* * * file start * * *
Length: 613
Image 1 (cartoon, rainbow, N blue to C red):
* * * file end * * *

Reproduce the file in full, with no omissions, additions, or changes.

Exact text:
Length: 613
Image 1 (cartoon, rainbow, N blue to C red):